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1627 – Boyle – bio

Robert Boyle was born in 1627 in Ireland and was known primarily as a chemist and his formulation that is called, “Boyle’s Law”. This describes the inverse relationship between the pressure and the volume of a gas. Boyle discovered that sound does not travel in the absence of air but that light does. His work […]

-3500 – glass

Naturally occurring volcanic glass (obsidian) was use before we learned to make glass around -3,500 in Egypt and Mesopotamia. The earliest form of glass made by humans was probably glazes that were used on ceramic pots. By mixing crushed quartz with calcite (calcium carbonate) from limestone, a solution is produced which can be fired into […]

Suction pump to transistor

In the late 1500s and early 1600s the newfound use of glass for windows and continuing expansion of metallurgy was requiring ever increasing amounts of timber for fuel. As nearby forests were diminished, demands for the mining of coal and coke increased. New uses for metals of all kinds added to the need for mining. […]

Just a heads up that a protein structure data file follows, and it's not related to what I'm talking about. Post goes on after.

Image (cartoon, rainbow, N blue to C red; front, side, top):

1608 – Torricelli – bio

Evangelista Torricelli was born in Italy in 1608 and was a mathematician, astronomer and physicist, mainly known for inventing the barometer. He advanced Galileo’s work on the trajectory of projectiles and worked on rotating shapes around an axis to create three dimensional figures. This helped him create extensions to Cavalieri’s method of indivisibles. “Torricelli’s theorem” […]

1623 – Pascal – bio

1623 - Pascal - bio

Blaise Pascal was born in 1623 in Clermont, France. He is mostly known as being an outstanding mathematician, but also was a physicist and philosopher. He made significant contributions to the areas of conic sections and projective geometry. Pascal’s triangle is a number matrix in the shape of a triangle with the numbers staggered so […]

1643 – barometer

Galileo knew that pumps had a problem pushing water to an elevation above thirty feet and had theorized that a vacuum might be involved. At the time, the idea of a vacuum was controversial and there was no observational evidence that it could exist. He assigned one of his students, Torricelli to work on this […]